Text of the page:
As soon as an incident or crime is discovered, the search for evidence can commence, but blindly searching and gathering "stuff" can leave you with a big pile of "stuff" which, although it looks useful, cannot be considered evidence at all. The reason for this is simple - anything which might be evidence only has value if it can be considered in context. Where was it found ? When was it found ? Who found it ? What did they do with it ? What else was near it ?
Without answers to these questions, we cannot assess how significant any item of potential evidence might be, nor even if it genuinely is evidence which was present at the time of the incident or something which has been inserted into the scene (aka "planted") at some time after the events which we are trying to investigate.
In order to avoid this problem, experience and competent investigators know that the first thing they should do is start to take notes, producing a contemporaneous record of actions and findings (i.e. a record produced at the time of the actions being recorded, or as quickly as possible after those actions are completed). By taking contemporaneous notes, they reduce the risk that some important action will be missed and by making them detailed notes, they reduce the risk that some apparently minor action, which may turn out to be very important, will go unrecorded.
These notes will include sketches and detailed descriptions of what they can see, step by step records of their movements and actions and detailed descriptions of anything they remove from the scene. Ideally, their notes will be complemented by photographs to back up their descriptions - and those photos will also be recorded in the notes.
It should be possible for another person to take the contemporaneous notes and repeat, exactly, the actions described in them or, by reversing the processes described, to put every item removed from the scene back exactly where it was found.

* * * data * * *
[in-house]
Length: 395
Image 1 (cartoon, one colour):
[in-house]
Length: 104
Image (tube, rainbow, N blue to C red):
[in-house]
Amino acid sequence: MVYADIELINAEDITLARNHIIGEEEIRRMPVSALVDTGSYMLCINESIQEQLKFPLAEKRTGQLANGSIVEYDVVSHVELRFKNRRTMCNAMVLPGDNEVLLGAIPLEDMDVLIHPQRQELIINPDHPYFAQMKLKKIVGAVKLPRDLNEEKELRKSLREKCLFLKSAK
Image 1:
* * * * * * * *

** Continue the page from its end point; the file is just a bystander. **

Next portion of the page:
Generally, non-specialists should not move anything at a scene, but it may be necessary. If it is essential to remove something, then everything done should be recorded in the notes and every item removed should be given a unique identifier. The exact format of this is down to personal preference, but it is common to use your own initials followed by a number, so the first item you gather is XXX/1, the second is XXX/2 and so on. Each item should be put into "tamper-evident" packaging - i.e. some sort of container which has been manufactured or marked in a way which makes it obvious that the packaging has been opened. It should be labelled with the time & date, the identity of the person responsible for collecting and packaging it, and the identifier for the item should be clearly marked on the label as well, so that it can be traced back to the contemporaneous notes.
Once an item has been packaged in this way, a custody or continuity log needs to be maintained so that everything that happens to the item can be reported and examined. Often, this is done via additional sections on the label on the packaging, but handling of any item should also be recorded in the notes of the person who had control of the item and the person who has taken control (so, 2 sets of notes should record that the item has been transferred from one person to another).
Digital evidence seems different to other types of evidence as it can be much harder to see - but the principles of note-taking and recording apply equally well. In some cases, physical devices will be seized - and later treated as digital crime scenes - while in others, data will be extracted from devices which are being left behind. In any case, it is still important that the processes used to find evidence, the original location(s) of that evidence, and the people who controlled the processes and the evidence can be identified.
For more information and advice on this subject, please contact n-gate ltd. now.